I knew that C.S. Lewis and I had more in common than our Christianity when he said, "You can never get a cup of tea large enough or a book long enough to suit me." Welcome to a celebration of faith, tea, and the written word. I'm always engaged in a book, and whether it's one I'm reading or one of the inspirational historical romances I write, there's always a cup of tea close by. Join me in a cup as we chat about faith, our favorite books and the exciting places our reading and writing adventures take us.

Monday, April 9, 2012

Buckle Up! Jennifer's AlLee's The Mother Road

(To set the mood, enjoy the swinging sounds of Bobby Troupe while you read!)

Fasten your seatbelt and settle in for a journey full of laughter, heartbreak, and hope in Jennifer Allee’s The Mother Road—a road-trip novel I loved so much I took it everywhere with me. Including, of course, the car, where it made excellent reading on an overnight trip.

Natalie Marino’s life is enviably perfect. Despite her struggle with infertility, she’s had a successful life:  handsome hubby, nice home in Southern California, and an amazing career writing Christian romance and speaking to women on marriage.

So when her husband demands a divorce so he can marry his pregnant mistress, the betrayal costs Natalie her marriage, her hopes for the future, and her credibility. She’s still in shock when her father delivers more bad news: Natalie’s mom, who’s stricken with Alzheimer’s, has taken a turn for the worse. Natalie and her estranged sister Lindsay must return to Illinois to visit their parents before their mother forgets who they are.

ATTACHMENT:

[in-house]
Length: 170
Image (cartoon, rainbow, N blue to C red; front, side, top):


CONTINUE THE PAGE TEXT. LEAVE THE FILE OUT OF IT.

Wigwam Motel, Holbrook Arizona
Lindsay is reluctant, and, adding salt to Natalie’s wounds, pregnant. But their mother is ailing, and the sparring sisters need to see her, fast. Flying to Illinois is out of the question for Lindsay. That leaves an old-fashioned car trip on The Mother Road, old Route 66—the historic two lane highway that, for decades, ran from the Santa Monica pier in Los Angeles to Chicago.

The road trip is bumpy in every sense of the word, chock full of quirky pit stops, emotional hairpin turns, and speed as the sisters endure heavy pursuit by Lindsay’s stalking ex-boyfriend, Ben. As the sisters drive toward the unknown, things start to change for Natalie—in her relationship with Lindsay, and within her heart. Only God can get her to Illinois without losing it, but maybe He has other plans for her once she gets there.

The Mother Road is a road-trip book at its best, with engaging scenery, witty banter, and an end-of-road destination that may not be what the protagonist first expects. The characters are multi-layered and their experiences are familiar to most readers. Every woman who longs for motherhood can relate to Natalie's grief over her empty arms, and my heart ached for her. I also appreciated how she grows throughout the story. Natalie may be a relationship expert, but she isn't the most attentive daughter, and she has a way of ignoring her problems until they're too large to deny.

In other words, Jennifer Allee's characters act like real people. Sometimes it seems like Christian characters say everything right, but that's a trait most of us won't be able to claim this side of heaven. In times of stress, Natalie sometimes speaks without thinking, and her quips occasionally worsen a situation. The way humans respond to each other in this story, with grace and also judgment, reveals a lot about how Christians should strive to be with one another, but often fall short.

Disappointment, betrayal, and a devastating disease are handled with moving realism—there are no easy answers here—but the story isn’t bogged down in grief. I love how Jennifer Allee writes with shades of light and dark, realism and humor, and she made me laugh out loud several times. Her style is engaging and engrossing, and I’ve been waiting for The Mother Road for a long time.

It was a journey I’m glad I took.

This post originally appeared on Inkwell Inspirations.

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